Looking after your physical health
A healthy lifestyle and looking after your physical health during pregnancy can reduce the health risks for you and your baby.
Maintaining a healthy lifestyle
What you put into your body before, during and after pregnancy can affect your baby’s health and development.
Eating a healthy diet during pregnancy will help your baby get all the nutrients they need. Some foods should be avoided when pregnant, as they can make you ill and potentially harm your baby.
Being underweight, overweight or gaining weight too quickly during pregnancy can increase the risk of health problems for you and your baby.
The pregnancy weight gain calculator can help you work out what your healthy weight gain range is during pregnancy
A healthy lifestyle can also help reduce your risk of developing a pregnancy related health problem.
You can find information and support to adopt a healthier lifestyle at:
- NSW Get Healthy Service - call 1300 806 258 or register online for free telephone health coaching to help you get healthy before, during and after pregnancy
- iCanQuit - online resources to help you quit smoking permanently, or call the Quitline on 13 78 48
- Your Room - treatment and support services for alcohol and other drugs.
Learn more about staying healthy during pregnancy at Pregnancy, Birth and Baby.
There are some nutrients that you need more of during pregnancy. Talk to your doctor about any vitamin supplements you may need.
As well as a healthy diet, your doctor may recommend taking:
- folate to help protect against neural tube defects, such as spina bifida
- iodine for the healthy development of your baby’s brain and nervous system
- iron to prevent you getting anaemia (low red blood cells).
Find out more about taking vitamins during pregnancy at Pregnancy, Birth and Baby.
Many medications are safe to take while pregnant. However, some may affect your baby’s growth and development.
During your pregnancy, it’s important to talk to your doctor:
- before you stop taking any prescription medication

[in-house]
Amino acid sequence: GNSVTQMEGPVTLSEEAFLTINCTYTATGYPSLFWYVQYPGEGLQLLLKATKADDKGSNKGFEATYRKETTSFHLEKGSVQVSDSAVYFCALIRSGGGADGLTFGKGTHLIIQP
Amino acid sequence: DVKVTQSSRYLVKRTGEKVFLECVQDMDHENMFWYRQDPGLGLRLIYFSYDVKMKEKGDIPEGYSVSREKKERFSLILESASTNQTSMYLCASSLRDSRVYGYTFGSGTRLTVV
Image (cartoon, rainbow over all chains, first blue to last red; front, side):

- about any medication you were taking when you became pregnant
- about any medication you plan to take while pregnant.
Keeping your vaccinations up to date can help protect you and your baby against illnesses that are easily spread, including:
- the flu
- whooping cough.
There are some vaccinations that you should avoid during pregnancy, including rubella and chickenpox.
Find out what vaccinations to get during pregnancy at NSW Health.
For some, pregnancy can lead to dental problems like gum disease and tooth decay.
Poor dental health can affect your pregnancy and increase the risk of your child developing tooth decay.
Having good oral hygiene reduces the chance of dental problems during pregnancy. This includes:
- brushing your teeth twice a day
- flossing daily
- having a regular dental check-up.
See your dentist before or soon after you become pregnant. It's safe to have dental treatment, but tell your dentist you are pregnant or may be pregnant.
Learn more about dental health while pregnant at NSW Health.
Reducing the risk of stillbirth
A stillbirth is when an unborn baby shows no signs of life. You can reduce the risk of stillbirth by:
- eating a healthy diet
- not smoking, drinking alcohol or taking drugs
- going to all your antenatal appointments
- monitoring any changes to your baby’s movements
- sleeping on your side from 28 weeks of pregnancy.
Pregnancy, Birth and Baby has information on recognising the warning signs and how to reduce the risk of a stillbirth.
Contact your doctor or midwife immediately if you think your baby has stopped moving, or is moving differently or less often than usual
Antenatal classes help you and your partner know what to expect during labour and after your baby is born, including:
- the signs of labour and when to go to hospital
- different birthing positions
- breathing skills to use during labour
- newborn baby behaviour.
It’s also a chance to meet other expectant parents and share your experiences.
Booking a class
Book in around 20 weeks and aim to finish the course by 36 weeks, or earlier if you're expecting more than one baby.
You can find antenatal classes through your hospital, birth centre or online. The cost of classes will depend on where you live and who is running the class.
Learn more about antenatal classes at Pregnancy, Birth and Baby.